And so when those numbers weren’t there, I just went back to sometimes I’d read reviews that people had left, or just anything to remind me, this is why I’m doing this. So if I’m doing this for 12 people, It’s those 12 people that matter, [00:23:00] and I might need to reevaluate in the future if I need to pay for marketing.
But you know, just holding onto your why is actually really important, I think.
Adam Baruh: Thanks so much for sharing that because I, you know, I totally get that I’ve been there and, um, it’s what Alex Sanfilippo when he was on my show, um, you know, termed pod fade and I think so many of us run into it. Um, It’s normal. Like I’m, and the reason why I’m so happy you brought that up is it’s normal.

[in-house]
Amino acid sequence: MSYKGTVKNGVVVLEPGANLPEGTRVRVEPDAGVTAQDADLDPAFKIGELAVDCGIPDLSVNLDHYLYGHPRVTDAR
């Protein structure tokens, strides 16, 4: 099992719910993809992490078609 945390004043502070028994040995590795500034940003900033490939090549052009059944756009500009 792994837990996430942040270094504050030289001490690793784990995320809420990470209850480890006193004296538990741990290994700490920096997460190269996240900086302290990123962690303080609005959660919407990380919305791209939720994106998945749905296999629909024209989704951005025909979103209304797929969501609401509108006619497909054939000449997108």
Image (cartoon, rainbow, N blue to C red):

I think everybody goes through it. Unless you’re, you know, a true crime podcast and you just like, you know, you just find that audience right away and, and you know, everybody’s just consumed that content. I think it’s very normal and the majority of people that are putting a show together are gonna hit that, that.
Jenilee Samuel: Point in which they’re gonna question, why am I doing this again? It’s, it’s really consuming a lot of my time. It’s, it’s costly. And so thank you for sharing that. I, I did think, as you were saying that though, I do remember there was one thing that I did do that I did see an uptick [00:24:00] actually when I, my podcast was called Java with Jen. And that’s it for the first three seasons. And it drove me crazy that no one could tell by the look of my show, what it was about or if they were my ideal audience.